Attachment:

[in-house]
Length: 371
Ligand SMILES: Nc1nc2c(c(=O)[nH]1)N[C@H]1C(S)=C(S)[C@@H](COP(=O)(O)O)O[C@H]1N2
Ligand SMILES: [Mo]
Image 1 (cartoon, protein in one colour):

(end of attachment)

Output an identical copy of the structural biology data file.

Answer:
[in-house]
Length: 371
Ligand SMILES: Nc1nc2c(c(=O)[nH]1)N[C@H]1C(S)=C(S)[C@@H](COP(=O)(O)O)O[C@H]1N2
Ligand SMILES: [Mo]
Image 1 (cartoon, protein in one colour):